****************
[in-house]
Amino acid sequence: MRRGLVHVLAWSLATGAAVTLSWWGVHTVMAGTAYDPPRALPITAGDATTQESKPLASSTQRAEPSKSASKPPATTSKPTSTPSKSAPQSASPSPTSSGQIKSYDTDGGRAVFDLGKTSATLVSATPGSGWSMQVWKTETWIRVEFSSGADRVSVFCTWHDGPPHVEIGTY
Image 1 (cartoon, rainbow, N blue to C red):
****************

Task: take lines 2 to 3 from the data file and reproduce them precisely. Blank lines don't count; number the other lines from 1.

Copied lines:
Amino acid sequence: MRRGLVHVLAWSLATGAAVTLSWWGVHTVMAGTAYDPPRALPITAGDATTQESKPLASSTQRAEPSKSASKPPATTSKPTSTPSKSAPQSASPSPTSSGQIKSYDTDGGRAVFDLGKTSATLVSATPGSGWSMQVWKTETWIRVEFSSGADRVSVFCTWHDGPPHVEIGTY
Image 1 (cartoon, rainbow, N blue to C red):